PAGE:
What does the scale above mean to you as a skier or rider in the Gulmarg backcountry? Read more here.
Avalanche control work yesterday revealed fairly stable conditions above 3400 meters, and wet loose/slab conditions at Treeline (3000-3400m) that were reactive to a ski cut. The avalanche danger today is Moderate (2) above 3000 meters. Human-triggered avalanches are possible, natural avalanches are unlikely. Today and in the coming week will be the warmest days of the season thus far. This gets me starting to think about cornices collapsing. Give cornices a wide berth today, and do not travel underneath them in the warmest part of the day. Above 3900 meters, I’m still concerned about the bond of the new snow to the old snow surface, so Storm Slabs remain on the advisory today as one of the primary problems. In addition, new Wind Slab formation can be seen on Northwest to East facing aspects below ridgetops and in mid-slope isolated terrain features. Above 3800 meters, they are still a concern. Below 3000 meters, the avalanche danger is Low (1). As you ride up the second phase, turn around and look over your right shoulder at the debris over on the flats in Khilanmarg from a natural avalanche two days ago at the end of the storm. Deeper instability is still out there in the Alpine.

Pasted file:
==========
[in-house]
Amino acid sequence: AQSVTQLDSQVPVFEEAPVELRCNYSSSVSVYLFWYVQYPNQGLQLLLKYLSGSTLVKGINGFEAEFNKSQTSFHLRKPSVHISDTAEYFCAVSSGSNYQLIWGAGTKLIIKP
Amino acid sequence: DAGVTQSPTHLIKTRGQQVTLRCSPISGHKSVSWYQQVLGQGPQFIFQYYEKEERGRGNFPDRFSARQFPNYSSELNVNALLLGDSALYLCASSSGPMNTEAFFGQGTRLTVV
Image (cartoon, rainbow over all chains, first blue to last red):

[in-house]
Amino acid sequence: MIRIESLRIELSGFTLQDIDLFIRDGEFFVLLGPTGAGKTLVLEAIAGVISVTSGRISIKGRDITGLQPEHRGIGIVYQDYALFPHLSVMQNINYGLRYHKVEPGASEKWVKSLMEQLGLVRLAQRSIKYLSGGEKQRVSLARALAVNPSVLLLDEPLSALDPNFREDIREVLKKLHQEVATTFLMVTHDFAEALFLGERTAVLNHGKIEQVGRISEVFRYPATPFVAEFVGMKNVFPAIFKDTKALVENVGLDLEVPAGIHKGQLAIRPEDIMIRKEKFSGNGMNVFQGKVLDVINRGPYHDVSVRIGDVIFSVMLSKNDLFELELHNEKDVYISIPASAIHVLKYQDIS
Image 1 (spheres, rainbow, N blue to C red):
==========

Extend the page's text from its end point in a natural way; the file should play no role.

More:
Choose to ride in groups in the forests of Gulmarg. http://www.deepsnowsafety.org/index.php/. We now have enough snow in the conifer forests above 3200 meters for skiers and riders to get trapped in tree wells. Read more about this phenomenon in the link above. It causes several fatalities each year in other ski regions of the globe.
Avalanche Problem #1 – Wind Slab
Problem Description – Release of a cohesive layer of snow (a slab) formed by the wind. Wind typically transports snow from the upwind sides of terrain features and deposits snow on the downwind side. Wind slabs are often smooth and rounded and sometimes sound hollow, and can range from soft to hard. Wind slabs that form over a persistent weak layer (surface hoar, depth hoar, or near-surface facets) may be termed Persistent Slabs or may develop into Persistent Slabs.
Wind Slabs form in specific areas, and are confined to lee and cross-loaded terrain features. They can be avoided by sticking to sheltered or wind-scoured areas.
Avalanche Problem #2 – Storm Slab
Problem Decription – Release of a soft cohesive layer (a slab) of new snow that breaks within the storm snow or on the old snow surface. Storm-slab problems typically last between a few hours and few days. Storm-slabs that form over a persistent weak layer (surface hoar, depth hoar, or near-surface facets) may be termed Persistent Slabs or may develop into Persistent Slabs.
You can reduce your risk from Storm Slabs by waiting a day or two after a storm before venturing into steep terrain. Storm slabs are most dangerous on slopes with terrain traps, such as timber, gullies, over cliffs, or terrain features that make it difficult for a rider to escape off the side.
Weather Forecast (link:http://www.snow-forecast.com/resorts/Gulmarg/6day/mid)
Gulmarg Ski Area (green zone) Timings for 28/3/2016:
Phase 1 – 9:30am – 4:30pm (last cabin at 4:00pm)
Phase 2 – 10:00am – 4:00pm (last cabin at 3:30pm)
Chair Lift – 10:00am – 4:00pm (last chair at 3:30pm)
Next avalanche talk is Wednesday 30 March, 2016 at 7:30pm at Hotel Hilltop. Hotel Hilltop is located across from the ice skating rink in Gulmarg meadow. Talks will continue every Wednesday night at 7:30 pm through 30 March, 2016.